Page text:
Ok, let’s take a look at what I actually put down:
First, let’s look at what I posted as my first thread, k, luv?
Radiometric Dating - A Brief Explanation: a pretty thorough explanation, for 200+ words, about how radiometric Dating works.
Radiometric Dating - The Assumptions:
1. The rate of decay remains constant. 2. There has been no contamination (that is, no daughter or
intermediate elements have been introduced or leeched from the specimen of rock). 3. We can determine how much daughter there was to begin with (if
we assume there was no daughter to begin with, yet there was daughter at the formation of the rock, the rock would have a superficial appearance of
How old is the Earth? About 4.5 billion years based on radio active dating using uranium and thorium isotopes. It could be a little bit older
if it formed as a liquid mass, since this state resets nuclear isotope clocks which only date from the onset of a solid phase. The oldest meteorites
are about 4.8 billion years old so that is probably the upper limit for the Earth too.
Without leaving this one minor site, we get the problem with Uranium dating:
"When uranium decays to lead, a by-product of this process is the formation of helium, a very light, inert gas which readily escapes from
rock. Certain crystals called zircons, obtained from drilling into very deep granites, contain uranium which has partly decayed into lead. By
measuring the amount of uranium and 'radiogenic lead' in these crystals, one can calculate that, if the decay rate has been constant, about 1.5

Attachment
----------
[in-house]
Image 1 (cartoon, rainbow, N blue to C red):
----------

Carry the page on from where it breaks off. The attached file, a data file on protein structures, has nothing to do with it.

billion years must have passed. (This is consistent with the geologic 'age' assigned to the granites in which these zircons are found.) There is a
significant amount of helium from that '1.5 billion years of decay' still inside the zircons. This is at first glance surprising, because of the
ease with which one would expect helium (with its tiny, light, unreactive atoms) to escape from the spaces within the crystal structure. There should
hardly be any left, because with such a slow buildup, it should be seeping out continually and not accumulating. Drawing any conclusions from the
above depends, of course, on actually measuring the rate at which helium leaks out of zircons. This is what one of the recent RATE  papers reports
on. The samples were sent… to a world-class expert to measure these rates. The consistent answer: the helium does indeed seep out quickly over a wide
range of temperatures. In fact, the results show that because of all the helium still in the zircons, these crystals (and since this is Precambrian
basement granite, by implication the whole earth) could not be older than between 4,000 and 14,000 years. In other words, in only a few thousand
years, 1.5 billion years' worth (at today's rates) of radioactive decay has taken place. Interestingly, the data has since been refined and updated
to give a date of 5680 (+/- 2000) years." 
Someone else with the same problem with Uranium:
TAS WALKER, B.Sc.(Hons) [geology], B.Eng.(Hons), Ph.D., worked in power station design and